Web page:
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  Classical Editor Rob Barnett    


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UK Distributor: Priory

Johann Sebastian BACH (1685-1750)
Sonatas for harpsichord and violin (BWV 1014-1019)

CD 1
Sonata nr 1 in b minor (BWV 1014) [13:47]
Sonata nr 2 in A (BWV 1015) [14:09]
Sonata nr 3 in E (BWV 1016) [17:13]
CD 2
Sonata nr 4 in c minor (BWV 1017) [17:15]
Sonata nr 5 in f minor (BWV 1018) [17:55]
Sonata nr 6 in G (BWV 1019) [18:00]
Kay Johannsen, harpsichord; Christine Busch, violin (period instruments)
Recorded in March 2002 at Schloss Solitude, Stuttgart, Germany. DDD
CARUS 83.164 [45:27 + 53:28]


Comparison: Gustav Leonhardt and Sigiswald Kuijken (dhm, 1973)

Often Johann Sebastian Bach is considered a rather conservative composer. In some ways that may be true: he preferred polyphony to the more easy-going style which became fashionable in his day and therefore was accused of writing in a 'learned' style. But at the same time Bach was able to break new ground, as the six sonatas recorded here show.

Bach was one of the very first composers in history who wrote pieces in which the harpsichord wasn't reduced to accompanying one or more melody instruments. He accorded the instrument a concertato role which gave both instruments equal importance. In these six sonatas Bach linked up with the tradition of the trio-sonata. Here the right hand of the harpsichord plays the part which in the trio-sonata was played by one of the melody instruments - the violin plays the other. The left hand is playing the bass part, without adding chords.

These sonatas were composed in Köthen, when Bach was at the service of Prince Leopold von Anhalt-Cöthen, and where he composed some of his most famous instrumental works. But later in his career he reworked some of them. In particular the sixth sonata has undergone several changes over the years. It is thought that the last revision took place around 1740. This can be seen as an indication how highly Bach valued these sonatas. In fact, even his son Carl Philipp Emanuel held them in high esteem. In 1774, he wrote to Bach's first biographer, Johann Nikolaus Forkel: "The six harpsichord trios (...) are among the best works of my late beloved father. They still sound very good, and give me much pleasure, although they are more than 50 years old. They contain some adagios which one can't make more melodious these days".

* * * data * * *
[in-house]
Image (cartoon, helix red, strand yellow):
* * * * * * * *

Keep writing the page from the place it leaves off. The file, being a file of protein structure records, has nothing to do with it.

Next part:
The fact that, whereas no original manuscripts have survived, no less than eight mostly complete copies are extant, shows the wide admiration enjoyed by these sonatas.

The oldest source is a manuscript for the harpsichord and violin parts. The harpsichord part was copied by Bach's nephew Johann Heinrich Bach in 1725. The folio jacket bears the title 'Sei Suonate a Cembalo certato è Violino Solo, col Basso per Viola da Gamba accompagnato se piace'.

It will be nice when the booklets of CD recordings mention the instruments in the right order. But here we find the usual order: '6 Sonate per Violino e Cembalo'.

It is perhaps going too far to say that the harpsichord is the dominating partner; the violin certainly doesn't play a subservient role. But more often than not the harpsichord starts the proceedings. In many recordings this is not reflected by the balance between the instruments. It isn't here, either. Whether this is the result of an artistic choice of the interpreters or a matter of recording technique is hard to tell. But here the violin tends to dominate and sometimes even overpowers the harpsichord.

It has something to do with the instruments. Christine Busch's violin has a strong, penetrating sound, whereas the harpsichord's sound is somewhat muted, in particular in the descant.

But I am sorry to say that in the end it really doesn't matter that much. This is a very disappointing interpretation. The performance is very straightforward, without real differentiation in phrasing, articulation and dynamics. The same notes usually are played the same way, as if they are all equally important. It does sound very unnatural if - like here - there is no difference in length or strength between the notes in a sequence of semiquavers (Sonata I, adagio) or in a melisma of demisemiquavers, as in the adagio of Sonata III.

There is also often a lack of rhythmic pulse, for example in the andante of the first sonata. Here Leonhardt and Kuijken realise a wonderful softly swaying rhythm.

And when the liner notes refer to the 'sighing figures' (Seufzer) in the first movement of the first Sonata, one would expect to hear them. But that isn't the case.

In general I felt the tempi were slowish, but that is only the case in some movements. On the whole they are alright. But they seem rather slow, because nothing happens which catches the attention. The difference between this new recording and the one by Leonhardt and Kuijken is that between a lecture and a story. The latter do everything to make the audience listen and they appeal to their imagination.

The fact that a recording like this can't really compete with one from 30 years ago does give some food for thought ...

Johan van Veen



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